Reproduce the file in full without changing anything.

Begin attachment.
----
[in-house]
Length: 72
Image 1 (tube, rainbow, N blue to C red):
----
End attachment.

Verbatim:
[in-house]
Length: 72
Image 1 (tube, rainbow, N blue to C red):